> >>
> >> 1. they should use compound exercises that incorporate as many muscle
> >> groups of the body as possible in addition to lower body muscle
> >> groups. They get an overall training effect, expend more calories, and
> >> mobilize more bodyfat (due to energy requirements). That means get
> >> your asses off the ButtBlaster and the Yes-No machines, get on the leg
> >> press, or even better, learn to squat and deadlift.
> >>
> >> 2. They just have to be patient. Increasing muscle mass puts more
> >> energetic demand on the body's fuel sources, and where are the biggest
> >> muscles in the body? The lower body. Eventually, if their overall diet
> >> and exercise program is tuned in, the fat on the lower body will start
> >> to drop off and those regions will eventually become smaller. The body
> >> fat will drop away to reveal lovely shapely strong legs that guys dig.
> >>
> >> That is what I tell women (and guys who have girlfriends).
> >>
> >>
> >OK Elzi, what you say makes perfect sense to me. I have said similar
things
> >for years.
> >
> >How many of them really believe it?
>
> Few. That's what is so frustrating. They only believe what they want
> to believe. And I won't patronize them.
> I gave up.

I thought you enjoyed patronizing dumb people, or is that too close to
playing nice?

</good natured cheek>
>
>
>
>
>
> It's not enough to just live. You've got to have something to live for.

Michael and Debbie Russell
December 12th 03, 09:30 PM
"SJ" > wrote in message
...
> Rutabaga22 wrote:
>
> >>How is it a "psychological issue" just because the majority of
> >>'feminine' women don't want to look like "King-Kong"?
> >
> > The issue is in thinking that there is any realistic chance you will
look like
> > Mr. Kong in the near future. (I've even caught my wife harboring this
> > delusion.)
>
> It's extremely unrealistic, especially when you consider that many women
> also have psychological issues about getting fat, and probably won't eat
> enough to gain even the amount of muscle they potentially could.
>
> > Most women - and most men, for that matter - have absolutely no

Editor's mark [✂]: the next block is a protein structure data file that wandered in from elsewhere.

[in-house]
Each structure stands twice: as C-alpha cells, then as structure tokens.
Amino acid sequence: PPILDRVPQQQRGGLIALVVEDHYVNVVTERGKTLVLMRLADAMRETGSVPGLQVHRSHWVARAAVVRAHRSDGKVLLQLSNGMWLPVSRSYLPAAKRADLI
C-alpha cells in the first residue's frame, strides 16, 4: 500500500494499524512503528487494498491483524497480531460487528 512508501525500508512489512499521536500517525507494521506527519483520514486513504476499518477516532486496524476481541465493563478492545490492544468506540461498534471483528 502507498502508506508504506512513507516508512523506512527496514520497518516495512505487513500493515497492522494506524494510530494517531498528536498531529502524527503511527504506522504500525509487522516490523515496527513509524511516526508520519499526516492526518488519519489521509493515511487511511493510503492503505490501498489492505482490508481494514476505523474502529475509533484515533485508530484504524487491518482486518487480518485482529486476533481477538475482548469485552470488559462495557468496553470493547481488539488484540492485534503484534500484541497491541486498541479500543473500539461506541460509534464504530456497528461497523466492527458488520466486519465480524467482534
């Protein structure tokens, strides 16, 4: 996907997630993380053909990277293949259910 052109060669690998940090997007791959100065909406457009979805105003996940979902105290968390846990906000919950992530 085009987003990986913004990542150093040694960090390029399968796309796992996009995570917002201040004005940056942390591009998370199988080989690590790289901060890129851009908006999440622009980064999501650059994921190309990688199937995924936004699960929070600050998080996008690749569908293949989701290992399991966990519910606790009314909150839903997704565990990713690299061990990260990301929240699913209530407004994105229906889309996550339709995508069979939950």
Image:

> > idea how difficult it is to "get big."
>
> If I touch any weights that aren't covered in pretty colored vinyl, I'll
> get hyooge, right?

If you get some "liquid insulation" (an electrical product for coating the
ends of cut bussbars) you can cover those 45's in whatever colour pvc takes
your fancy. Then you'll be able to bend the bar without getting hyooge!
:-))

>
> > I've been lifting heavy for 14 years and nobody has ever said I'm too
big.
>
> Well, I've been lifting for 17 years, and at least one person has said
> I'm too muscular. But the only one I can think of offhand is my stupid
> sister, who was incredibly envious of how I looked when she saw me a
> couple of weeks ago at Thanksgiving. Apparently in the summer, when I
> wear shorts and a tank top and she can see my arms and legs, I'm too
> muscular. But in long pants and a sweater I'm thin and she's jealous.
>
> > Also, they can stop lifting if they decide they're getting too big.
>
> But then the muscle just turns into fat, right?
>
> > just my 2
> > cents -
>

Elzinator
December 13th 03, 06:13 AM
On Sat, 13 Dec 2003 08:24:51 +1100, "Michael and Debbie Russell"
<mickndeb at westserv dot net dot au> wrote:

>
>"Elzinator" > wrote in message
...
>> On Fri, 12 Dec 2003 03:35:19 GMT, "Lee Michaels"
>> > wrote:
>>
>> >
>> >"Elzinator" > wrote in message
>> ...
>> >> On Thu, 11 Dec 2003 11:43:02 GMT, "Mistress Krista"
>> >> *rem0vethis*> wrote:
>> >>
>> >> >
>> >> >"Elzinator" > wrote in message
>> >> ...
>> >> >>
>> >> >> Unfortunately, most women think that weight training will make them
>> >> >> look like men or like female pro-bb's who do use exogenous chemical
>> >> >> enhancement. It's a psychological issue which I have tried to battle
>> >> >> for years in other women. Sometimes I get tired of it and just keep
>my
>> >> >> mouth shut and walk away.
>> >> >
>> >> >
>> >> >Got a letter from a reader the other day, telling me that Muscle and
>> >Fiction
>> >> >Hers is telling women to stay away from weighted lower body work
>because
>> >> >it'll bulk them up. I'd expect that from Shape or some **** like that
>> >but
>> >> >not M&F Hers. I mean, isn't the magazine called MUSCLE and Fitness?
>> >>
>> >> I think I know the origin of their comments (maybe).
>> >>